• AND one of the following (see Table 2):

  • • Positive culture of endotracheal aspirate*, ≥ 105 CFU/ml or equivalent semi-quantitative result

  • • Positive culture of bronchoalveolarlavage*, ≥ 104 CFU/ml or equivalent semi-quantitative result

  • • Positive culture of lung tissue, ≥ 104 CFU/g or equivalent semi-quantitative result

  • • Positive culture of protected specimen brush*, ≥ 103 CFU/ml or equivalent semi-quantitative result

  • *Same organism exclusions as noted for Possible VAP.

  • equivalent semi-quantitative result = 2+, 3+ or 4+ OR Moderate or Heavy Growth


Would this case meet the criteria for probable VAP? quantitative) of sputum*, endotracheal aspirate*, bronchoalveolar lavage*, lung tissue, or protected specimen brushing


OR quantitative) of sputum*, endotracheal aspirate*, bronchoalveolar lavage*, lung tissue, or protected specimen brushing

2) One of the following (without requirement for purulent respiratory secretions):

• Positive pleural fluid culture (where specimen was obtained during thoracentesis or initial placement of chest tube and NOT from an indwelling chest tube)

• Positive lung histopathology

• Positive diagnostic test for Legionella spp.

• Positive diagnostic test on respiratory secretions for influenza virus, respiratory syncytial virus, adenovirus, parainfluenza virus, rhinovirus, human metapneumovirus, coronavirus

This section of the definition does NOT require that a gram stain meet the purulent criteria.

Acceptable tests for Legionella include:

Urinary antigen

Respiratory culture

4 fold rise in titer between acute and convalescent antibody tests

PCR done on respiratory specimens

Special fluorescent and immunohistochemical stains

Acceptable tests for respiratory virus:

PCR

Antigen detection

Viral cell culture

4 fold rise in titer between acute and convalescent antibody tests

NOTE: HSV and CMV infections are considered “re-activation” of a latent infection and would NOT be considered health-care acquired.


Now that you’ve learned the theory behind the new VAE surveillance definitions….here is the calculator instead of pencil and paper determination

VAE Calculator


How to collect data
How to collect data surveillance definitions….here is the calculator instead of pencil and paper determination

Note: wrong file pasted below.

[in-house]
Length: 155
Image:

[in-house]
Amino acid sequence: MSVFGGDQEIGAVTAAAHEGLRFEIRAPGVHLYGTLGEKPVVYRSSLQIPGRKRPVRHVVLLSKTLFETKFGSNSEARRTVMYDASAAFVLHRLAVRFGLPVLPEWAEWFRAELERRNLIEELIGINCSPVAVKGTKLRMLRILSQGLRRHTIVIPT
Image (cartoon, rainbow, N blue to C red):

• Manual vs. Electronic

  • Only need to look at patients who are on the vent for at least 4 days

  • Probably need to partner with RT and IS

  • Can capture from electronic charting if used

  • Can be set up in IC software programs to run initial algorithm if used


2011 focus was clabsi
2011 – Focus was CLABSI surveillance definitions….here is the calculator instead of pencil and paper determination


2012 focus was ca uti
2012 Focus was CA-UTI surveillance definitions….here is the calculator instead of pencil and paper determination


2013 focus is vae
2013 – Focus is VAE surveillance definitions….here is the calculator instead of pencil and paper determination


Thank you for your kind attention
THANK YOU for YOUR KIND ATTENTION! surveillance definitions….here is the calculator instead of pencil and paper determination

My Contact Information:

Jo Henman MPH,CIC

[email protected]

614-566-5793


References
References surveillance definitions….here is the calculator instead of pencil and paper determination

  • 1) Behrendt CE. Acute respiratory failure in the United States: incidence and 31-day survival. Chest 2000;118:1100-5.

  • 2) Kahn JM, Goss CH, Heagerty PJ, et al. Hospital volume and the outcomes of mechanical ventilation. N Engl J Med 2006;355:41-50.

  • 3) Wunsch H, Linde-Zwirble WT, Angus DC, Hartman ME, Milbrandt EB, Kahn JM. The epidemiology of mechanical ventilation use in the United States. Crit Care Med 2010;38:1947-53.

  • 4) Rubenfeld GD, Caldwell E, Peabody E, et al. Incidence and outcomes of acute lung injury. N Engl J Med 2005;353:1685-93.

  • 5) Esteban A, Anzueto A, Frutos F, et al. Characteristics and outcomes in adult patients receiving mechanical ventilation: a 28-day international study. JAMA 2002;287:345-55.

  • 6) Dudeck MA, Horan TC, et. al. National Healthcare Safety Network (NHSN) Report, Data Summary for 2010, Device-associated Module. Available at http://www.cdc.gov/nhsn/PDFs/dataStat/NHSNReport_DataSummaryfor2010.pdf.

  • 7) Klompas M. Does this patient have ventilator-associated pneumonia? JAMA 2007;297:1583-93.

  • 8) Klompas M. Interobserver variability in ventilator-associated pneumonia surveillance. Am J Infect Control 2010;38:237-9.

  • 9) Klompas M, Kulldorff M, Platt R. Risk of misleading ventilator-associated pneumonia rates with use of standard clinical and microbiological criteria. Clin Infect Dis 2008;46:1443-6.

  • NHSN VAE Definition Jan 2013. http://www.cdc.gov/nhsn/PDFs/pscManual/10-VAE_FINAL.pdf.